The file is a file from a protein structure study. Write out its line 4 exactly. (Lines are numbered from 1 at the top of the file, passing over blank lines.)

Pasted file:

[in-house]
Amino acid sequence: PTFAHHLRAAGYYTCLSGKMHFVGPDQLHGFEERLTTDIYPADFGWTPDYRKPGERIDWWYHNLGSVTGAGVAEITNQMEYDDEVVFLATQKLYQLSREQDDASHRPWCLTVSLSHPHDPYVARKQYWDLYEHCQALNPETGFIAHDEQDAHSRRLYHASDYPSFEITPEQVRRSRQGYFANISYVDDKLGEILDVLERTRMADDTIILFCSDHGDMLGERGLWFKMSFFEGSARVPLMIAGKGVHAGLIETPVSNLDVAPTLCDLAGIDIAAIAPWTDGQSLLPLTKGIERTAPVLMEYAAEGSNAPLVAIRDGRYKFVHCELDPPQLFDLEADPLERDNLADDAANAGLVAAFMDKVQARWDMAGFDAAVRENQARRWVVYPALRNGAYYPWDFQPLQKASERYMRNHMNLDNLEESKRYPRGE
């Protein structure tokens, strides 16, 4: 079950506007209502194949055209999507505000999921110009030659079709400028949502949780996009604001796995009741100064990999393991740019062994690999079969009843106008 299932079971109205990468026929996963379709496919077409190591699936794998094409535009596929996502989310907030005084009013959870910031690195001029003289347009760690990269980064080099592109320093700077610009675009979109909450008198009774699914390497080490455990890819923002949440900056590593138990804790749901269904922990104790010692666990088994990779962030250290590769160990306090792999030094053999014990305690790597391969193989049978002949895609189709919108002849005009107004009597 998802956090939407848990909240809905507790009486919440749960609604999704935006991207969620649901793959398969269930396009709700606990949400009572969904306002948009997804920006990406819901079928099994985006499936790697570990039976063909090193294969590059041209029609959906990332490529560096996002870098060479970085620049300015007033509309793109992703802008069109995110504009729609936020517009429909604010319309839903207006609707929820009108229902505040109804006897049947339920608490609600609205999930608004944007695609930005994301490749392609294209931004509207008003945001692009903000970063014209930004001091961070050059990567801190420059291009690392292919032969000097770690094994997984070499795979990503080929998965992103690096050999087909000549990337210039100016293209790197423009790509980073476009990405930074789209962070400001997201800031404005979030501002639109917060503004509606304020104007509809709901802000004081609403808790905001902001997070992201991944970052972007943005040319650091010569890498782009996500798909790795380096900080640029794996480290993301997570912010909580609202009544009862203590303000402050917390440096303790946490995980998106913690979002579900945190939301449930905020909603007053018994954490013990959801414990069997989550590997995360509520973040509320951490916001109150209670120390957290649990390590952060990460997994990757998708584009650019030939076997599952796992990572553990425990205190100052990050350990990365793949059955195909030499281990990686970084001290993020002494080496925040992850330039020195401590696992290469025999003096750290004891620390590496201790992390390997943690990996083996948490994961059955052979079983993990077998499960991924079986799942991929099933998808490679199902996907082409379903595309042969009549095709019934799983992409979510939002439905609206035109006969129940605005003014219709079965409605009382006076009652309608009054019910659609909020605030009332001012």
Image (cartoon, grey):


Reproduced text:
Image (cartoon, grey):